Documentary profiles children in post-March 11 Japan

Documentary profiles children in post-March 11 Japan

TOKYO —

Communities in northeastern Japan are still struggling to come to terms with last year’s compound disasters. But what about the children of the region? Are they able to move on and look ahead to the future? That is the question behind the upcoming short documentary “Kore Kara” (meaning “from now on” in Japanese).

The 30-minute film brings together profiles of children and teens living in Kesennuma, Miyagi Prefecture, one of the many areas that were hit hard by the March 11 tsunami.

“Originally, the purpose of the film was to point out the necessity for more attention to children’s needs and counseling following a natural disaster,” says Tokyo-based journalist Kevin Mcgue, who is producing the film. “But after meeting some kids in the affected areas, we discovered they have a powerful message to share not only with other children in Japan, but with the world.”

The focus of the documentary changed to a more positive stance. Rather than having the children recount their traumatic experiences of March 11, 2011, the filmmakers asked them to talk about their hopes and dreams for the future.

“Meeting these brave kids was an eye opener,” says director Ivy Oldford. “Most of the responses we got from them were different from what I expected—in a good way.” Having survived the disaster, many of the children express wishes to become nurses or rescue workers in order to help others.

Despite living in an area that is still rebuilding more than a year after the devastating tsunami, the children featured in the film urge a positive attitude. “I want people to treasure each day,” says a high school student in the film. “People want to put things off until tomorrow, but for some people ‘tomorrow’ didn’t come because of the natural disaster. So you have to value today.”

The filmmakers plan to make the documentary available with multilingual subtitles to schools both in Japan and around the world. They hope teachers can share with their students the powerful message that even the youngest members of society can overcome a natural disaster and see beyond to the bright future they create for themselves.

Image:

The filmmakers also plan to hold screenings in affected areas in Tohoku and in Tokyo. They are raising funds to cover costs relating to holding screenings and making DVDs and teacher guides at http://www.indiegogo.com/korekaraproject.

Screenings are planned for Tokyo in December and January. Screening dates will be posted on the Facebook page as they are set. For more information on the documentary, visit http://www.facebook.com/korekaraproject

  • 3

    southsakai

    These precious children of the Tsunami disaster will have a million times more wisdom and courage than I'll ever have as a grown man.

    I'm really happy to read that many of the children are focusing on their hopes and dreams for the future.

    One particular quote from a high school student.

    I want people to treasure each day, says a high school student in the film. People want to put things off until tomorrow, but for some people tomorrow didnt come because of the natural disaster. So you have to value today.

    It's so meaningful and such a powerful message.

  • 1

    cl400

    I still hope these children (and adults) receive the counseling and attention they deserve. As we know, some Japanese people put on a happy smile and repress their feelings. Sounds like a good documentary though and I look forward to watching it.

  • 1

    Salus

    I guess locations hit by tsunami can still be rebuilt but what about the kids in the radioactive areas? :(

  • 2

    TSRnow

    I still can't really get over this traumatic incident not because I was directly involved in a life or death situation but because there has been many changes in life and the people around me owing to this disaster. Compared to these people, my experience was probably nothing, but still, it has been pretty difficult. I will surely want to see this documentary, but if I'm going to find myself wiping tears before the opening scene, I may decide not to see it in public...

  • -1

    CrisGerSan

    Few in the outside world understood or understand how different life and the attitude about life is for Japanese. The Western news coverage was, i am sorry to say, patronizing and superficial. The new figures of Western media fell over each other to be seen at the water's edge in the towns destroyed by the events and then just as quickly returned to their chrome palaces in New York. The impact of having life change suddenly and almost totally, with many people from any town in the area gone for ever, and lives forever changed is huge, yet for people like the Japanese who live in each day much more realisitcally and more fully than most westerners, it was not unbearable or life ending. It was very sad, and almost terrible for many to be sure, yet the amazing support for any and all possible was superb and not really understood still. in one school where some children were safe but lost most of their families, the students stayed together, and then as the days past, one by one, they were picked up by relatives and friends for new lives until they were all in new homes. During that time together, they maintained their discipline and their togetherness and that image still stays with me and will always. We all can learn from such solidarity and such courage ...and it is very common and very true to Japan and Japanese.

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